“I know that, as a mother, whether your kids are good, bad, fat, skinny, ugly, whatever, you love your kids because they’re yours,” Jackson said. “When Sophie was running downtown and it was late I told her, ‘Don’t go downtown unless you’ve got somebody with you.’ She went every day at like 4:30, 5:00 in the morning to see if he’d come back there. I said, ‘Don’t do it, because something could happen to you.’ She would take the bus down there by herself. She’s not really a big woman. But you know, it’s a funny thing. If you have kids, no matter what–if they say, mom or dad I need you–you know what? You’re going to go. You try to help. It’s a blood thing. It’s a funny thing, him being missing, because everybody likes Willis. He wants to be so helpful, he likes to be a doorman, he likes being an usher. He just likes to help people. Something has to happen pretty soon, because alive or dead, he’s got to turn up. This can’t go on, because it gets cold out here pretty soon. Sometimes it’s unfair so many have so much and they don’t do nothing with it, and those that wish they could have some money actually would do something with it. I guess I’ll have to pray a little harder. Maybe something good will happen.”
Everybody who was involved in church activities missed Edward. He was an accepted member of the church community, and everyone agreed that it wasn’t like him to just leave all his friends. “To his mom he’s special,” said one parishioner. “And to us he’s special too. We know him. At the altar prayer on Sunday his name is always mentioned. ‘Pray for Brother Willis and his mother.’ It’s strange. Usually it’s the loner who comes up missing, not the guy who has a lot of people in his corner.”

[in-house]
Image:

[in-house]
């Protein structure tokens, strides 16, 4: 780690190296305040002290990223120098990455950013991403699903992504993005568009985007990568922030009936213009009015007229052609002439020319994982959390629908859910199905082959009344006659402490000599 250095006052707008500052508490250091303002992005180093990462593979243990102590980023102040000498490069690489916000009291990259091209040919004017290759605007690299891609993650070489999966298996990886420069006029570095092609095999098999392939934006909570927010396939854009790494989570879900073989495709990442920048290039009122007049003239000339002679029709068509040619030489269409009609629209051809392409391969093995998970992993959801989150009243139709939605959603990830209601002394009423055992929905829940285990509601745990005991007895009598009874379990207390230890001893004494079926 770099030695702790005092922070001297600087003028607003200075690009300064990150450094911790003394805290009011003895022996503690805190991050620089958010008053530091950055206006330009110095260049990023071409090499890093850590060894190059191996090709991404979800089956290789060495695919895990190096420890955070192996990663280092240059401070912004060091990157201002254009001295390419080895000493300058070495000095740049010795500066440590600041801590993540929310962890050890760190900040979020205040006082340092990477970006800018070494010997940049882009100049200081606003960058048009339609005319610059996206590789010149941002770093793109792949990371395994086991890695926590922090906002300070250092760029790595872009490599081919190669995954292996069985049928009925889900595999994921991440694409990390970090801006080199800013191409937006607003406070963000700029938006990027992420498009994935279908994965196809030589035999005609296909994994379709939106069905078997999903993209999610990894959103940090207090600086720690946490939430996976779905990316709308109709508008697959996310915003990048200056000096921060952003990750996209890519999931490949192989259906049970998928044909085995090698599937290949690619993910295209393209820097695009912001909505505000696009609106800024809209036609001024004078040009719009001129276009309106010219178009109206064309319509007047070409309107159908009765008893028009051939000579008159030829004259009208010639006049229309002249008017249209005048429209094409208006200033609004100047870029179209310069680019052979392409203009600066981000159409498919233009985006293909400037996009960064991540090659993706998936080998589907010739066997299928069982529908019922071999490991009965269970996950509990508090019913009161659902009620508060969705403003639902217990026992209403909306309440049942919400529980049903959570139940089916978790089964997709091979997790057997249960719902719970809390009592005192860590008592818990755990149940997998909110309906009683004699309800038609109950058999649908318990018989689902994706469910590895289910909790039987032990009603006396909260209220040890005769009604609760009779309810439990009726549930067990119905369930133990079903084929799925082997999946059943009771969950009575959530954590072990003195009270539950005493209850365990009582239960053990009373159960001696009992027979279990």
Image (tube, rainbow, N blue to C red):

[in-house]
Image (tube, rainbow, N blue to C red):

On Friday morning, November 22, Sophie was at Pacific Garden showing Edward’s picture to a group of men hanging around out front.
“Who is your son?” said one man.
“My son’s name is Edward Willis,” she said.
“I just got out of County,” the man said. “There’s a fella there in jail. I don’t know what his name is, but he’s real quiet, he sits around. He’s not a young kid.”
“No,” Sophie said. “No, he’s not a young kid.”
“He’s very quiet and everything else like that, but he’ll say a few words to you,” the man said. “He acts as if he’s hurting all the time. He’s got such a bad limp.”
“Yeah, he does.”
“Is that your son?”
“What else do you know?” she said.
“I really can’t tell you much else. He’s real quiet, he don’t bother nobody. He’s really to himself all the time.”
“Is there anything else that you noticed?”
“Oh, yeah. Did your son have teeth? Because he don’t have no teeth in his mouth.”